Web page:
If properly used an Enterprise Architecture process and repository in the form of the Federal Enterprise Architecture Framework (FEAF) can reduce or minimize the conflicts among laws, regulations, policies, and standards over a 2 to 10 years period--depending on the size of the organization. This does not mean that there will be no benefits for 2 to 10 years, in fact management may notice some within 3 to 6 months. What it does means is that the complete transformation and acceptance of the the Enterprise Architecture process to help with investment and policy decision-making will take that long to be fully accepted by and inculcated into the organization. Unfortunately, without a champion at the top of the leadership, working with a top-notch transformational enterprise architect, it will never happen...due to the many reasons, excuses, and loss of influence by various levels of management and their constituents.
Sometimes the managers' private agendas are caused by conflicts in or obsolesence of regulations and rules preventing the managers from achieving their mission. A good Governenace and Policy Management process coupled with a good Enterprise Architecture process will greatly reduce this cause for private agenda's.
Other times, the sub-organizations of an organization will decide that the organization does not understand their requirements for a particular function and therefore, they feel the need to create their own. Or, it may simply be that they do not trust the organization designated to perform the function to perform it in the manner they would prefer, and therefore, it needed its own. A more malicious version of this, is managerial empire building, where the manager wants to enhance his or her own status by controlling all of the functions required to perform a given process, and additionally, takes a very wide interpretation the his or her mission or charter, and strategies, policies, procedures, and tooling.
In all of these instances the manager has a case of the NIH syndrome; which causes much waste of the organization's resources. Enterprise Architecture can ameliorate the cause by mapping all strategies and processes to the organization's mission as recommended by the FEAF, providing measurable line-of-sight from the mission to the processes and tools. For example, one in US Federal department, one organization had been charter to perform the reservation function for the entire department. As of 2007, team of Enterprise Architects had found at least 50 sub-organizations with independent reservation functions. Simply, by consolidating many of these functions into a single system, the department was able to save 10s of millions of dollars per year in development and operating costs.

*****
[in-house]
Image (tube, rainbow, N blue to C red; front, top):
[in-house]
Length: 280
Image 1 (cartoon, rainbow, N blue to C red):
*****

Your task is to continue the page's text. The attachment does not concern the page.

While Congress's objective was noble, the unintended consequences causing negative externalities have been very expensive to both the government and the long-term ability of the United States to compete in the global economy.
Layers of management, problems of coordination, and private agendas among the "teaming" partners--each vying for a larger piece of the project, even after it's been awarded. When these "disadvantaged" firms fail to perform, there is a major risk of a cascade affect, that without quick transference or mitigation cause the program to fail. But, process of transferring is tangled in contractual and inter-organizational political problems that slow the process to a creep or stall it altogether.
The "PC" regulations together with their affects creates dysfunctional Virtual Extended Enterprises (VEE). Note that VEE's are business versions of SOA's Composite Applications, in that they are composed of many small, but highly skilled and knowledgeable organizations. Through the life cycle of a product these component organizations can be introduced into and let go from the VEE in a manner similar to that of Service Component replacement for purposes of technology insertion. The "PC" regulations militate against these changes, creating a high risk of failure for programs trying to produce unprecedented complex systems. This adds greatly to waste of Federal resources.
Enterprise Architecture can provide a method for sorting out the best and brightest organizations from both "advantaged" and "disadvantaged" but incompetent organizations, if the enterprise architecture processes and repository are properly organized and the processes are correctly executed.
Longer term, this waste of resources from all of these causes will cause the US to both lose its competitive edge militarily and economically. Again, over time, the proper use of the enterprise architecture processes and repository will enable a competitive advantage.
Also see the post entitled "Thoughts on Solving the Federal Debt Issue", and "Rebuilding Jobs in the United States".